Tag: Spectacular Nerdery

A Pivotal Moment, a Wobbly Boat, and Adventure

I’m sitting in a cafe-slash-brewery-slash-eatery on the corner of Frederikinkatu and another long-named street. It’s just about 6pm, and the sun is beaming on a diverse, alive, beautiful city I’m visiting for the first time. Helsinki is breathtaking and relatable. It is ancient and new. Also, it has pulled moose sandwiches, which…like…I mean, moose. To eat.

They’ve also got some fantastic vegan options, but that’s neither here nor there.

The Writing Excuses Retreat ended on…was that Saturday? It’s hard to say, because time has blurred on this trip, but I’ve been in Helsinki a couple days now, and though I’m not even halfway through processing the wonder that was the writing retreat, I do have something I thought would be fun to share with you. As we were preparing to disembark from our ship—and summarily delayed in that, of course—I began writing a poem, inspired by Dr. Seuss, about my experience. While it might be a “you had to be there” situation, it might still make you smile.

Enjoy.

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“I do not like this boat,” I said.

“I do not like this boat,” I said,

“This shaking goes straight to my head.”

The golden-vested staffer nodded,

Then carried on, ‘till poked and prodded,

I gave to him my cruise ship card

And purchased water, how bizarre!

 

Photographers go to and fro,

Refusing every plea to “go!”

See, they insist on shutter-bugging

Despite our efforts at mean-mugging,

Making dinner time a chore,

But with our company, not a bore.

 

For Writers, we, have a strange power,

To take all moments, sweet and sour,

Transform them into story fodder,

All our darlings, which we slaughter.

Which we learned to do, with glee,

From Cleaver’s sociopathy.

 

The elevators, quelle horreur!

No semblance of any ordeur,

Though push the button, you did try,

The elevators pass you by.

And when they did decide to stay,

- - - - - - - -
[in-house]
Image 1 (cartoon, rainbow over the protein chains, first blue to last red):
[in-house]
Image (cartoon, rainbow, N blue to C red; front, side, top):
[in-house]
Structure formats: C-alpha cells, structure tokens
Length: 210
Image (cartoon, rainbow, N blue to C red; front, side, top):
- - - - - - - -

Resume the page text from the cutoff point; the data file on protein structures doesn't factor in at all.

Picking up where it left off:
Inaccessible were they.

 

See, other patrons were quite different,

From the world over, wide and distant.

With several customs, strange and new:

An inability to queue,

And smoke in every nook and cranny,

Be they near a child or granny.

 

Excursions to fantastic cities,

Copenhagen’s castle, pretty!

Stockholm’s old town, with it’s bookstore,

Tallin’s KGB enclosure,

St. Petersburg was not so droll,

Because of the passport control.

 

Within the ship, we writers learned,

New concepts in our minds were burned,

And challenges came on the daily,

To write—or not, so cockamamie!

Some writers’ fingers were too restive

Those final word-counts were impressive!

 

But let’s go back, friends, to the shaking,

That oh-so-ever-present quaking!

Fantasia bucked and leaned and wobbled,

My brains inside my skull were boggled,

So if I left an odd impression,

Please forgive me. Did I mention?

 

This was my first, my only cruise,

And while the ship, that cursed un-muse,

Did its best to turn me dour,

I was impervious, ripe with power!

Because of you, my tribe, my crew,

My stable point in world askew.

 

You welcomed me, and took me in,

A stranger, one not free from sin,

Unkempt a tad, unbathéd, too,

You forged me into something new!

For I, like you, do not “aspire,”

I’m proud to call myself a “Writer.”